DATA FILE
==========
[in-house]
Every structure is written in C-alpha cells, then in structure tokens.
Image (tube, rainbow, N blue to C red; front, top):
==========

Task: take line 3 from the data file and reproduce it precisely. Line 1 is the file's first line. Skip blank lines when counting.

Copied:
Image (tube, rainbow, N blue to C red; front, top):